By Nathan Rudyk
Canada's been on the list of best-kept business secrets for several years. While the U.S. and Europe were piling on debt over the last decade we were "beavering away" (Canadian term, means working hard) getting our books in order, bolstering our banking system to withstand perfect storms and black swans, investing in education and healthcare, and trimming business taxes.
Let's face it, we're also blessed by a motherload of natural resources that makes us one of the world's best supermarkets, and gas stations. And we're ... Canadian. Our country is a tolerant place that accepts immigrants, listens to new ideas, has a strong rule of law and respects the contributions of entrepreneurs.
For these reasons and several others, this week Forbes Magazine ranked Canada number one in the world in the magazine's coveted "Best Countries for Business" List.
At market2world, we violently agree with Forbes' choice. Just over 12 months ago we launched ConsiderCanada.com/CanadaEnTete.com, a bilingual brand built for Canada's C-11 large cities to help attract more Foreign Direct Investment (FDI). Flying under this banner, the C-11 can undertake joint trade missions around the world, and otherwise create a far stronger global impact working together than competing against each other.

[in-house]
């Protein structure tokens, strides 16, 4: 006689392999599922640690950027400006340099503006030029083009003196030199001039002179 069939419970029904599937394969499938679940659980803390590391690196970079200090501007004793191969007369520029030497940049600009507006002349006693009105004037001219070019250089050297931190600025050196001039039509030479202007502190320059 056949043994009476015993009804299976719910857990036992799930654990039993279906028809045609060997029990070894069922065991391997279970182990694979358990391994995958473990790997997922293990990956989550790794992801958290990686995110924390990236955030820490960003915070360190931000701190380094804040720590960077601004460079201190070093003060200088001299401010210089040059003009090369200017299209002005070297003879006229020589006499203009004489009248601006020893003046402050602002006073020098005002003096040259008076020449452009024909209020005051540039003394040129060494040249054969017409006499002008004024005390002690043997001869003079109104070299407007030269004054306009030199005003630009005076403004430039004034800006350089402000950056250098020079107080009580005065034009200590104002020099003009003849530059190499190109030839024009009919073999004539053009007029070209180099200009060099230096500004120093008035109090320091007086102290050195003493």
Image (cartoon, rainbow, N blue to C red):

Canada ranks No. 1 in our annual look at the Best Countries for Business. While the U.S. is paralyzed by fears of a double-dip recession and Europe struggles with sovereign debt issues, Canada’s economy has held up better than most. The $1.6 trillion economy is the ninth biggest in the world and grew 3.1% last year. It is expected to expand 2.4% in 2011, according to the Royal Bank of Canada.
Canada skirted the banking meltdown that plagued the U.S. and Europe. Banks like Royal Bank of Canada, Bank of Nova Scotia and Bank of Montreal avoided bailouts and were profitable during the financial crises that started in 2007. Canadian banks emerged from the tumult among the strongest in the world thanks to their conservative lending practices.
Canada is the only country that ranks in the top 20 in 10 metrics that we considered to determine the Best Countries for Business (we factored in 11 overall). It ranks in the top five for both investor protection as well as lack of red tape, which measures how easy it is to start a business.
Canada moves up from No. 4 in last year’s ranking thanks to its improved tax standing. It ranks ninth overall for tax burden compared to No. 23 in 2010. Credit a reformed tax structure with a Harmonized Sales Tax introduced in Ontario and British Columbia in 2010. The goal is to make Canadian businesses more competitive. Canada’s tax status also improved thanks to reduced corporate and employee tax rates.